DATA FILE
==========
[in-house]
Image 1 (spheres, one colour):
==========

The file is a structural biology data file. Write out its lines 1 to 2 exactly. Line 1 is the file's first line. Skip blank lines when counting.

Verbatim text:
[in-house]
Image 1 (spheres, one colour):